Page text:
Fed up French farmers unimpressed by France's presidential hopefuls

The Local France
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Fed up French farmers unimpressed by France's presidential hopefuls
Photo: AFP

Frustrated and left behind, farmers at the annual Salon de l'Agriculture farming exhibition in Paris tell The Local they have little hope the presidential election will change their fortunes.


The Salon de l'Agriculture in Paris is a key publicity event in the electoral calendar, where presidential candidates go for their "stroking the cow" photo-op.
It's also a good place to gauge the general feeling of those who make their livelihood in France's important agriculture industry.
And the mood does not appear good.
Jean Joel Sillac, a cattle breeder in Nouvelle Aquitaine in southwestern France, and winner of 2016's prize cow, says the atmosphere has changed, "this year people are a lot more morose," he told The Local. "We're all frustrated".
"We're realising that the debates concerning agriculture and farmers aren't being listened to any more".
Many of the stall-holders at the expo felt the same way, and told us they didn't feel the choice of candidates for the upcoming presidential election inspired much confidence that their concerns would be heard any time soon.  
"They don't give us hope any more because they're so far from the reality," Alain Benoit, another farmer at the exposition told The Local.
"They all come here to see the Salon de l'Agriculture, but they don't give real answers to real questions."
Dairy farmer Marie Fauer added: "I can't think of one candidate who matches up to what I want."  
She says the most important thing is that the candidate "stops thinking that France is so rich, France is this and that, they need to be a bit more humble".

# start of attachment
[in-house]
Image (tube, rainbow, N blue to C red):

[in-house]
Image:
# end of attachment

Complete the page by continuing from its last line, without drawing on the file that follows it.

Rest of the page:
It comes as a surprise, given this feeling of mistrust and contempt for politicians, that the candidate who appeared to be the most popular among French farmers at the show was the scandal-hit Francois Fillon.
Photo. AFP 
Yes, the right-wing candidate who is to be charged over misuse of public funds for allegedly paying his wife Penelope over €800,000 for a fake job still has friends among France's farmers.
The organisation Agriculture et Liberté, conducting a survey of farmers found that three days into the show, the Les Republicains candidate was coming on top, followed closely by Front National's Marine Le Pen.
"At the moment, it's Fillon, at 22 percent, and then you have Le Pen after at 18 percent," Daisy Odabasi of Agriculture et Liberté, told The Local. 
Despite Penelopegate, as it's known, it seems that many of those at the expo were ready to forgive and forget.
"Before it was Fillon, but now ... it's still Fillon" Giselle Perrillat-Collomb, a dairy farmer in Haute Savoie told The Local when asked who she would vote for. Although she agreed that Fillon had lost some of the public's trust after the scandal.
Fillon's battle with Le Pen to win over the agricultural community is tight, and some farmers said it was still a close call for them between the two.
Photo: AFP
Le Pen, who attended the event on Monday, was the star attraction, with some spectators climbing up onto haystacks to get a glimpse of the controversial National Front candidate.
Pierre Besançon, a cattle farmer at the salon told The Local he would vote for Le Pen, but only because all the other candidates weren't up to much.
"Emmanuel Macron, he's rubbish"  Besançon told The Local, citing the former banker's connections with the world of finance. "Politicians have left us behind. Le Pen is something new".
However, others said Le Pen isn't good news for the farming community. "Le Pen has no proposals for us," Alain Benoit told The Local.
For many farmers who do support her bid, the attraction may be in her anti-EU stance and promise to take France out of the union if she can't reinstate a national currency, rather than specific agricultural policies.
French farmers have been a significant voice in anti-EU sentiment, blockading roads with tractors and even dumping manure on buildings and Spanish wine on motorways in protest over slumping prices for their products.
But it would be wrong to say that all farmers are against the EU.
Photo: AFP 
"One thing we're sure about is that we need Europe," Marianne Dutoit, director of the National Federation of Agricultural Worker's Unions (FNSEA) told The Local. 
Dutoit fears a "Frexit" (France leaving the EU) saying "Brexit was a catastrophe, what happened in the UK scared us".
In terms of candidates, Dutoit declined to show her support for any one runner, "we just need someone who will defend Europe" she told The Local.
By Rose Trigg



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